Selecting a program is in my opinion the best part of recital preparation. It is here that you are the artist and can create a musical portrait with the works you select to perform to the world. Be creative but remember to always challenge yourself. Keep your audience interested by providing variety and consistencies in your choice of pieces and experiment with different types of recital themes. Create a new story with each performance.


What did you perform at your last recital? What types of recital programs do you prefer? Do you have a theme that you would like to program into a recital? Please comment below!



Happy Fluting!





The Times They Are A Changin’

Welcome to a very (very) belated Flute Friday (posting on Tuesday).

Last week I took a trip across the Atlantic Ocean to London, England. This breathtaking city is home to numerous cultural artifacts and a wealth of history buried within spectacular museums and centuries old castle walls. As I walked through Hampton Court I was overwhelmed by the stories captured in each room and the rich background represented by simple, ancient objects. It was a bit difficult, however, to keep track of the timeline of kings, queens, wars and triumphs and how each event fit into the greater history of the country and the world. My hotel room in Greenwich offered a beautiful and functional solution by providing a timeline of significant historical events painted on the bathroom door. This door inspired me to compile the below timeline cataloging the history of flute development. Our modern instrument represents a long history of practice, experimentation and manufacturing that expands into ancient civilizations where the flute was a simple instrument created from basic materials used to symbolize significant cultural and religious events. You may not be inspired to paint this timeline on your bathroom walls but I hope you will gain a new appreciation of the developments happening to the flute during each musical era and how these developments shaped compositional approaches to the changing instrument.


300 B.C. – Artwork appears in western Europe, Asia, and the middle east depicting flutes held vertically made of hollowed out bones or sticks with embouchure holes, used for hunting and magical rituals.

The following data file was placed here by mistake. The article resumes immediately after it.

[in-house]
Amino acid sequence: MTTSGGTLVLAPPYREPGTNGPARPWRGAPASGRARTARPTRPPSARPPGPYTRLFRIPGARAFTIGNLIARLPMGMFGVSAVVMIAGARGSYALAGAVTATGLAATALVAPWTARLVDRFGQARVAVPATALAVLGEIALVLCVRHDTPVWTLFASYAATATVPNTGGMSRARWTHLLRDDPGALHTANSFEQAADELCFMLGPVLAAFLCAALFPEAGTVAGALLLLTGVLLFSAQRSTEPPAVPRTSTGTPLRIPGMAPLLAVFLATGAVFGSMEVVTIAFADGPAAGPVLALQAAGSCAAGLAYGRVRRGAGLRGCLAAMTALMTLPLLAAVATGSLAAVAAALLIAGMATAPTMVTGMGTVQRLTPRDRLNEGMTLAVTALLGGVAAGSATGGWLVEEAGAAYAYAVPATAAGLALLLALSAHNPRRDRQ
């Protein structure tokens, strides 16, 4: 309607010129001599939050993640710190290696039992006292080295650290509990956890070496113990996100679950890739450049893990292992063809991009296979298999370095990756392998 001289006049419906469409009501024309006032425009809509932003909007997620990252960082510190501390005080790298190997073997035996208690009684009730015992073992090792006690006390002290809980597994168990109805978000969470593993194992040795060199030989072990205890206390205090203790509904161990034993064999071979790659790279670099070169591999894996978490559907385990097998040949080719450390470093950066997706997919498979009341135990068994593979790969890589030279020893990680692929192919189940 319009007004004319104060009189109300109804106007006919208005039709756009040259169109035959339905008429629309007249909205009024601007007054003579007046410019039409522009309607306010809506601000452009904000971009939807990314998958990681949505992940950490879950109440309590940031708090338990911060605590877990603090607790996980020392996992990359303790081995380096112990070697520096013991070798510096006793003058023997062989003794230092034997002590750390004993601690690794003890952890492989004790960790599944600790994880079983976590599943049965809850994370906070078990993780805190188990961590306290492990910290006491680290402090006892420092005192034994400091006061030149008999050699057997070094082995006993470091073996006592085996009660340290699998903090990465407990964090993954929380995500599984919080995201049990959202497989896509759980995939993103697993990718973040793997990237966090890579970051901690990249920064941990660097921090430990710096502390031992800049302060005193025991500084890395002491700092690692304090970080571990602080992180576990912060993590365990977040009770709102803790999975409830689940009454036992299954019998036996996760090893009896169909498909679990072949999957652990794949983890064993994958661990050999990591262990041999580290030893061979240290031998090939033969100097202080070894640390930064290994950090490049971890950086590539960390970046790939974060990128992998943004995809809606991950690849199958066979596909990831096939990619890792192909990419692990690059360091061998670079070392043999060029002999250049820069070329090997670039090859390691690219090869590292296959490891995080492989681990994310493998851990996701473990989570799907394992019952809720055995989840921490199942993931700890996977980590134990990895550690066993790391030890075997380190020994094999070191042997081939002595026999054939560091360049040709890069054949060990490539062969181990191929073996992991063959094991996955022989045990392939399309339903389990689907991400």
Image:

200 A.D. – Flutes gain popularity with the Romans and Etruscans, used to entertain royalty, in theatrical productions, and at festivals and celebrations.

1000 A.D. – Flutes become less popular after the fall of Rome, but are eventually re-introduced to Western Europe through Germany.

1300 – The flute appears in France, Spain, and Flanders.

Circa 1320 – The one-piece, two inch, wooden flute is created, sounding in the key of “D”.

1360 – Guillaume de Machaut develops a distinction flute using a block to direct air at the edge of the embouchure hole and flutes requiring players to direct air with their lips (The transverse flute).

1350 – Flutes are frequently portrayed in paintings, primarily in the hands cherubs.

1460 – Flutes are introduced in military practices.

1511 – The Zwerchpheiff is created. This flute has six finger holes and has a narrower structure.

1529 – The descant, alto, tenor, and bass flutes are created.

1619 – Praetorius’ “Styntagma Musicum” features three Querflötten, flutes with ranges of two octaves.

1636 – Flutes Allemands (German Flutes) also called Transverse flutes, are developed in Germany. These flutes have keys of “D” and “G”, a cylindrical bore, and are made of wood.


1670 – Jean Hotteterre makes adjustments to the flute by sectioning the instrument into three pieces (the headjoint, middle joint and foot joint). Hotteterre also gave the flute a conical bore (the foot joint was smallest in diameter), reduced the size of the standard six finger holes, and added an Eb key (the first key developed for the instrument).